Pakistani leaders propose reconciliation for cross purposes

Other News Materials 14 August 2008 14:42 (UTC +04:00)

Pakistani Prime Minister Yousaf Raza Gilani on Thursday said "confrontationalism" of the past had done much damage to the nation but now the democratic forces have united to block dictatorship and adventurism, dpa reported.

Gilani's remarks came hours after President Pervez Musharraf called for shunning "a confrontational approach," as the ruling coalition expedited its efforts to impeach the embattled leader, if he did not resign.

"The era of repression is over. Dictatorship is a thing of the past," Gilani said in an apparently direct message to Musharraf, who seized power eight years ago in a bloodless military coup.

Both dignitaries made their comments in separate state functions held to mark Pakistan's 61st Independence Day on Thursday.

In his first public statement since the coalition kicked off an impeachment campaign last week, Musharraf said the country needed political stability that could only be achieved by adopting a conciliatory approach.

Musharraf, who stepped down as the army chief last November, said "our adversaries" wanted to weaken Pakistan and "conspiring" might even be going on against the state institutions.

"We have to stand up as a nation," he asserted.

However, the two leaders agreed that the only nuclear-armed Islamic republic was passing through "the most difficult period of its history," with grave challenges from extremism and economic impasse.

According to Gilani, the war against terrorism was, in fact, Pakistan's "own fight for survival."

Musharraf said terrorism and extremism could only be defeated when all the people stood by the armed forces with a sense of oneness.

"A nation draws its strength from its military and its economic might," he told a select audience at a cultural programme that started late Wednesday night and continued through Thursday. The event was boycotted by Gilani and his team.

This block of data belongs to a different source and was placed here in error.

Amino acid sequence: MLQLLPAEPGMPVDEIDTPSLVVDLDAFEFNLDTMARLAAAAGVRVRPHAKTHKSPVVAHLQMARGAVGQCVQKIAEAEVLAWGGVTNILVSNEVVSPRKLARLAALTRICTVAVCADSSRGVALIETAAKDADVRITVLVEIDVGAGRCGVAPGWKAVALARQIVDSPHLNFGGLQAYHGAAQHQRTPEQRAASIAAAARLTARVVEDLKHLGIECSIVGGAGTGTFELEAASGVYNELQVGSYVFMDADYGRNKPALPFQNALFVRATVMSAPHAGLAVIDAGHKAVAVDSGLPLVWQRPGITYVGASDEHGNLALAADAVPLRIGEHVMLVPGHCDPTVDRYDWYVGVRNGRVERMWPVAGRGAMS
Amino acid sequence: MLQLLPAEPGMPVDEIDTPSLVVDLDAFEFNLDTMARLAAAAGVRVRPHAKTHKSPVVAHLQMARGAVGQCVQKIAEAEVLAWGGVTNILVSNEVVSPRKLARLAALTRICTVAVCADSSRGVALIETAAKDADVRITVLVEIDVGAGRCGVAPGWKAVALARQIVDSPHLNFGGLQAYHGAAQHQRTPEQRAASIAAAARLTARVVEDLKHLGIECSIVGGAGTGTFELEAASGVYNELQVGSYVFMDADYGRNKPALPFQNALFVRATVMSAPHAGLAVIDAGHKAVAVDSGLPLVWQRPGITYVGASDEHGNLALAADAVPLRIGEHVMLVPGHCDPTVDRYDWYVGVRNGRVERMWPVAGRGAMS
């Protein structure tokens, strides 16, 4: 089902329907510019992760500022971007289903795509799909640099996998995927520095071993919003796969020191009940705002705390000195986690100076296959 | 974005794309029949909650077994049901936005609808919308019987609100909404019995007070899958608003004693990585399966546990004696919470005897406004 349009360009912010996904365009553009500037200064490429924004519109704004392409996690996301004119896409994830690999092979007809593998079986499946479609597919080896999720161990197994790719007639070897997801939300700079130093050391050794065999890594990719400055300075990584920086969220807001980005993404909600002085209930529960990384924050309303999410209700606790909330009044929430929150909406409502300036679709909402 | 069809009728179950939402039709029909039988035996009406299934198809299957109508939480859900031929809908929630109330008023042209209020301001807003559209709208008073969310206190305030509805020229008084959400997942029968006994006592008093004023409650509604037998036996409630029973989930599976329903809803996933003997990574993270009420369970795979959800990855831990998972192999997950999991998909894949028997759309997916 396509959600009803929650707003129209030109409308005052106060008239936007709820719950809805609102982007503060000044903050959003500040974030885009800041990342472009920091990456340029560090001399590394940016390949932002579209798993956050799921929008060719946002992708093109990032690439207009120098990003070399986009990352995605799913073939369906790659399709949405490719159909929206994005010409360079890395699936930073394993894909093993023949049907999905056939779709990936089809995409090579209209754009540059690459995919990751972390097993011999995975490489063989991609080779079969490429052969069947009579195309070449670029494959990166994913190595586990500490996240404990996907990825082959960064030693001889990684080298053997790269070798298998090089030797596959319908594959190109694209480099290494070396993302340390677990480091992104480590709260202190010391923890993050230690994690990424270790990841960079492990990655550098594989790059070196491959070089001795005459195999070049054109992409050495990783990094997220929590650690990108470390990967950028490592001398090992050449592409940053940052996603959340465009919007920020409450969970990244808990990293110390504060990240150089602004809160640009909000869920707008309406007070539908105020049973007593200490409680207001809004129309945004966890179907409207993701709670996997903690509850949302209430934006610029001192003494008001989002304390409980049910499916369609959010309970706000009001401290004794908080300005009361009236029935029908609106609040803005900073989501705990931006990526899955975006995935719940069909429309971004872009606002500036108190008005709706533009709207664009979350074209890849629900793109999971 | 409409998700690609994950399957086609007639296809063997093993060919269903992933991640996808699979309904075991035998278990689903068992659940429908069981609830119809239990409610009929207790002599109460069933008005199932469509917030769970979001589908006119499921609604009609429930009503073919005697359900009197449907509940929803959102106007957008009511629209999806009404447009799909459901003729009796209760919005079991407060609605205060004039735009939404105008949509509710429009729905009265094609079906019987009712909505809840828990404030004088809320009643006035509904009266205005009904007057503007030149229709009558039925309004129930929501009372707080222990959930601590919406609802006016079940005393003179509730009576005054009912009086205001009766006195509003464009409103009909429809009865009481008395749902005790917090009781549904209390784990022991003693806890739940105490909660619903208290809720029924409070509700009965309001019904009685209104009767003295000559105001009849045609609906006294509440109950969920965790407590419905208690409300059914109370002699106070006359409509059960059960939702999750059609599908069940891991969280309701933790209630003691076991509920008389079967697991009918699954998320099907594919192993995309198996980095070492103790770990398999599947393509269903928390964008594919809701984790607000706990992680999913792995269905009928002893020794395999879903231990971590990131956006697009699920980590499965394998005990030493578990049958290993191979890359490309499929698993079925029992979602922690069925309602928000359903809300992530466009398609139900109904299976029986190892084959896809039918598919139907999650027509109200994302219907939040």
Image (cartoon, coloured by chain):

The beleaguered president has been pushed to the wall by the governing coalition that was formed after Musharraf's political supporters were trounced in an election by the parties of former prime ministers Benazir Bhutto and Nawaz Sharif.

Asif Ali Zardari, Bhutto's widower and the incumbent chief of her Pakistan People's Party (PPP), and Sharif last week announced that Musharraf would be impeached over charges of repetitive violation of the constitution and gross misconduct.

Though a formal impeachment motion is yet to be filed in the lower house of the bicameral parliament, three of four provincial assemblies already passed resolutions against the ex-commando with recommendations for his impeachment.

The fourth assembly in the south-western province of Balochistan is set to follow suit later this week.

Once an impeachment motion is tabled, Musharraf's opponents will need at least 295 votes to try the president. The parliament has 440 sitting members, but confusion prevails over the number of lawmakers who will vote in favour of the impeachment.

Despite the fact that the tide has turned for the coalition, Musharraf, through his spokesman, has said that he would not resign and would rather face impeachment.

However, a news report said Thursday that Musharraf had agreed to quit, but the move would come when he got a fail-safe guarantee of indemnity and entitlement to live in his spacious farmhouse on the periphery of Islamabad with full security and privileges allowed to former presidents.

"The army high command is standing by President Musharraf in these two demands," the English-language newspaper Daily Times reported while citing "informed sources."